Talking of wingers, how good are Watson and May looking right now? They are comfortably the form players for England and beyond, and reassured me somewhat as I was worried about individual form in the England team. They will score a try or two between them if a quality ball comes their way and this is an unexpected bonus for the hosts. England can enhance this scoring power by playing some territory and inducing penalties – suddenly there’s 20 points plus in prospect and that’s good enough if the defence is sound. World Cup opponents will not have factored this in to their assessment of the hosts chances – I am really quite excited, especially if you add Joseph into the mix who can beat anyone in the world, 1-1. Only the Australians and All Blacks have that potency, and it elevates England into a position of real strength.

It also shows the way forward for England’s tactics, attack the short side, and get these guys in the game and over the gain line, creating 1-1 rather than planned back moves which may rely on continuity, midfield passing skills and better ability than England has at the breakdown. Perceptive kicks to the wing allied to brutish midfield stabs from Barritt, Burgess and the back five should be the order of the day. Traditional English forward strength is NOT where this team will win its big games, in my opinion. I think that Lancaster is secretly excited at this new found potency, or should be.

Of course, this is predicated on surviving and prospering in their pool, pressure which will be nigh on suffocating at least until the Uruguayan points fest in Manchester. Rather than going back to the ‘what if we don’t get out of the pool’ journalism which is entirely understandable, I prefer to look ahead. Failure to progress is unacceptable and will depress me no end, so why bother with it!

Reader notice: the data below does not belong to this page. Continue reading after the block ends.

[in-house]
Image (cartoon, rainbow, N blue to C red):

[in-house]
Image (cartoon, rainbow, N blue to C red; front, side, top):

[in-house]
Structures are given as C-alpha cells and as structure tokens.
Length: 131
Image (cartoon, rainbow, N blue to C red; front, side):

My prediction therefore is that when England win the pool, having beaten Wales and Australia, an irresistible marker will have been put down to the rest of the World. A final beckons, and in that instance I would place money on an England win. I firmly believe that because England will score plenty of points and with home advantage, their defence will not only be fanatical, but roared on by their off field extras, the crowd. England won’t miss a tackle! So, that’s how the story goes, and it doesn’t have to be a dream, I know plenty of hardened and knowledgeable cynics who think England can do it.

I am sure people will forgive me for my burst of English fervour but it is based on three premises: outside back firepower, incredible strength in depth in most positions and home support. No one else, not even the tournament favourites the All Blacks, can boast all three. Also, some of you will remember that in 1991 the hopes of a nation rested upon us beating what ended up being one of the all time great Australian sides in the World Cup Final – I still have my losers medal but I am sure that my team mates on that day would join me in wishing our boys all the best, to go that ‘one step further’. My one major caveat is leadership skills running through the team – have we got what it takes to think and act correctly under pressure?

Best wishes,